Connect with us

Hi, what are you looking for?


Culture Choices 2021: Literature

Culture Choices 2021 is a series by Roar’s Culture section on their favourite releases of the year in Music, Films and Literature. 

2021 is almost over and there have been some incredible books released this year, from incredible non-fiction works such as “My Body” by Emily Ratajkowski to fiction like “The Books of Jacob” by Olga Tokarczuk. Here at Roar, we have put together five of our favourite books this year.

“The Fell” by Sarah Moss

Sarah Moss is the queen of pandemic fiction. I was extremely hesitant to read a book set around the coronavirus, but the way in which Sarah Moss writes is so beautiful, and she encapsulates every single feeling and thought I’ve had about the pandemic. The novel is set in the Peak District in November 2020, as a single mum and furloughed waitress, Kate, who has been self-isolating with her son, Matt, for ten days, finally reaches her breaking point. She decides to go on a quick hike just to feel the outside again. Kate, who was just taking a quick solitary walk, falls and badly injures herself which leads to a mountain rescue operation to save her. “The Fell” explores the repercussions coronavirus has had on the world.

“Ace of Spades” by Faridah Àbíké-Íyímídé

Named as Marie Claire’s must-read summer novel, marketed as “Get Out” meets “Gossip Girl,” “Ace of Spades” is one of the best books I’ve ever read. It’s about two students, Devon and Chiamaka, and their struggles against an anonymous bully who sets out to ruin their lives. The book is dark and mysterious, which makes every twist and turn greater to read. The novel explores how racism is systemic in academia and is more than one person’s micro-agressions. It also explores being queer and the different experiences queer people have.

“Detransition, Baby” by Torrey Peters

“Detransition, Baby” is about Reese who is in a loving relationship with Amy, and whose life is great, except one thing that was missing: a baby. We see them three years later when, after being attacked in the street, Amy de-transitions to become Ames, changes jobs and, thinking he is infertile, starts an affair with his boss, Katrina. Except now Katrina’s pregnant, so he calls his ex, Reese, and asks her if she wants to be a mother. The novel explores if the three of them could form an unconventional family and raise the baby together. “Detransition, Baby” is witty and an incredible debut novel from Torrey Peters. It’s an unforgettable book that explores the life of three women as they attempt to navigate motherhood in the 21st century as trans and cis women.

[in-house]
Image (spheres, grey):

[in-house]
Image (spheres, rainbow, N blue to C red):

“Assembly” by Natasha Brown

Another incredible debut novel from Natasha Brown. The novel describes how a Black British woman’s life is informed by racism. Only 100 pages long, we see the narrator appear to get everything she could dream of – a big promotion, and going to her rich boyfriend’s family garden party – but when she’s suddenly diagnosed with cancer, she begins to question her supposed success. She decides to take control of her life, even at the cost of her life. Written beautifully, it’s understandable why the novel is compared to Virginia Woolf’s “Mrs Dalloway”.

“The Boyband Murder Mystery” by Ava Eldred

“The Boyband Murder Mystery” reminded me of when I was a teenager and obsessed with boybands. This book is gripping from start to finish, as it tells the story of Harri and her best friends who prove the innocence of a member of their favourite band, Half Light. They quickly become detectives, because who knows boybands better than their fans? Ava Eldred’s writing perfectly encapsulates the love fans have for boybands, and how music can help you find lifelong friends. It also explores how no matter what we think we know about someone in the public eye, there’s so much more we don’t know.

What were your favourite books this year?


R-rated Culture

Staff writer Jim Lin reviews the Singapore Society’s production of “Semula! The Musical”. Presented by King’s College London Singapore Society, “Semula! The Musical” successfully...


Staff writer Anna Orwin Algeo speculates on the reasons behind Nigel Farage’s appearance on I’m a Celeb. If politics were a show, it would...

Protest outside Bush House Protest outside Bush House


This morning, a protest took place at King’s College London (KCL) calling for the reinstatement of three officers who have had a public dispute...


Staff writer Mila Stricevic investigates how Ollie Locke’s misogynistic comments revealed a darker side to assisted reproduction If you’ve ever listened to Jamie Laing’s...

KCL banner outside Strand campus KCL banner outside Strand campus


Professor Hanna Kienzler yesterday published an open letter to King’s Vice Chancellor Shitij Kapur. In it she called for stronger action from the university,...


KCL has dropped its commitment to achieving net zero carbon emissions by 2025, pushing the goal back to 2030 amid revelations that emissions have...


Staff writer Ava Mellor examines the impact Isabel Oakeshott’s leaking of Matt Hancock’s WhatsApp messages may have on the Ghost Writing industry. ‘The Art...


Staff writer Katie Newman reviews “Weasels in the Attic”, a collection of short stories focused on gender divisions in modern Japan.  The stories in...


Culture Choices 2022 is an annual series by Roar’s Culture section in which staff writers select their favourite albums, films, books, and TV shows of...